Heading off the south coast of England near Plymouth, a near-endless list of dive sites are all within easy reach. The Eagan Layne, a US naval ship, lies in waters 22m deep and is a popular dive site. Originally built in New Orleans, she was torpedoed off the coast in 1945 by a German submarine, and her contents were salvaged over a number of years following the attack. Marine life here includes conger eels, deadman’s fingers and plenty of colorful anemone.
Lundy Island in the Bristol Channel is another popular location for diving, with around forty individual sites available in the vicinity. Scuba divers visiting this part of England can choose from drift dives, reef dives, pinnacles and wrecks, while the island itself is a protected reserve and home to seals and sea birds of varying species.
Scuba diving in the UK takes place along many of the coastlines and indoor waterways, and finding a suitable dive company or particular dive site is far from difficult. And with travelling around the UK relatively easy to manage, it’s the perfect location for getting to grips with a wide range of diving experiences.
The tiny island of the United Kingdom has almost limitless opportunities for diving both inland and at sea, and wherever you travel you'll find yourself within a short distance of great sites and nearby shops and clubs. PADI courses are widely used here, although others are available, and most shops can provide the specialist training which is so often needed, particularly in the north.
The southeast coastline is the best location for diving schools, with much of the country’s diving taking place around this area. In the area of Brighton, one of the south coast’s most loved tourist destination, the Academy of Scuba Diving is a long-established club with a great reputation. Operating PADI courses from beginner to technical, they also subscribe to the Project Aware campaign and place real emphasis on maintaining the natural state of the sites they visit, and because they run their outfit as a not-for-profit school, they’re also a relatively inexpensive place to learn in this part of the UK.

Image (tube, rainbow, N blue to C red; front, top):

Across on the south west coast, in Teign, another beachside favorite, Teign Diving Centre is a 5 Star PADI IDC within easy reach of Plymouth airport. They’re a relatively large outfit with a popular online store and regular dives in the surrounding area. They specialize in the off shore wrecks that are so prolific in this part of the English Channel, making them a firm favorite with wreck divers.
Divers heading to Scotland might find themselves near Fort William, commonly regarded as the outdoor capital of the UK. Here, Lochaline Dive Centre is another dive center with a real focus on getting the most out of a trip. They help visiting divers source suitable accommodation, and tailor trips to inland and off shore locations depending upon what you’re looking for, and this flexible approach has given them a large following on dedicated fans. They’re also interested in promoting the local environment with underwater nature trails, led by experienced guides with marine and archaeological experience.
Travel to the UK by plane is relatively simple, with a number of international airports around the country ideal for long haul or internal flights. Glasgow International is the largest airport in Scotland; four airports serve the capital city of London.